Cumming, James (d.1827) (DNB00)
|←Cumming, Alexander||Dictionary of National Biography, 1885-1900, Volume 13
Cumming, James (d.1827)
|Cumming, James (1777-1861)→|
CUMMING, JAMES (d. 1827), official in the India Office, son of Alexander Cumming [q. v.], watchmaker, of Bond Street, entered the service of the board of control in 1793 as a clerk. In 1807 he was appointed head of the revenue and judicial department under the board of control, which post he held until 1823, when he retired with his health broken down by overwork. According to the statement drawn up by himself and published in 1825, with a view to obtaining a pension equal to his salary of 1,000l. a year, he assisted in drawing up the fifth report of the select committee of the House of Commons on the internal government of Madras, for which he was voted a gratuity of 500l. in 1814, and 300l. in 1816. He also quotes in this pamphlet the minute of the board of control on his retirement in 1823, and the testimony of Canning, the Right Hon. John Sulivan, Lord Teignmouth, and Lord Binning to the efficiency of his services. In 1824 Lord Liverpool gave his sister, Miss Cumming, a pension of 200l. a year, after a laudatory notice of his services in a speech of Lord Binning's on the Superannuation Bill in the House of Commons on 12 June 1854. He died at Lovell Hill Cottage, Berkshire, on 23 Jan. 1827, and as in the notice of his death he is spoken of as an F.S.A., he is probably the same James Cumming, F.S.A., who published an edition of Owen Felltham's ‘Resolves’ in 1806, with a dedication to the Duke of Gloucester.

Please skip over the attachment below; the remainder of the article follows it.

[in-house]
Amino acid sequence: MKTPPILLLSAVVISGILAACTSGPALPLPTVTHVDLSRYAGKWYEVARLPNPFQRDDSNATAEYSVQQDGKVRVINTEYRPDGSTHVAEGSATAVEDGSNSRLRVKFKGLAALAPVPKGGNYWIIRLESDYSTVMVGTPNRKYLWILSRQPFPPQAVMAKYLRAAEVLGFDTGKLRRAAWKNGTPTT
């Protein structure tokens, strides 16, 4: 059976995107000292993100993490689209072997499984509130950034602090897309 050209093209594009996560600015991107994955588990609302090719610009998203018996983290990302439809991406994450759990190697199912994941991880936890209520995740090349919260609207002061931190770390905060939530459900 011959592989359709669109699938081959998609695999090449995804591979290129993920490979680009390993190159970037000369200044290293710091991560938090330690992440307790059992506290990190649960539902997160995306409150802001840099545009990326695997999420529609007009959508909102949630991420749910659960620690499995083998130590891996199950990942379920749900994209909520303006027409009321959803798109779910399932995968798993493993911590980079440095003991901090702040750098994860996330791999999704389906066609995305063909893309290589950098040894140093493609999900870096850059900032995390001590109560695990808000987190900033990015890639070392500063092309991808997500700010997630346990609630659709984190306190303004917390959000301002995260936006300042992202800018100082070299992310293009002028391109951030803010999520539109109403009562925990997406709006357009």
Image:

[Gent. Mag. February 1827; Brief Notice of the Services of Mr. Cumming, late head of the Revenue and Judicial Department in the office of the Right Hon. the Board of Commissioners for the Affairs of India, 20 July 1825.]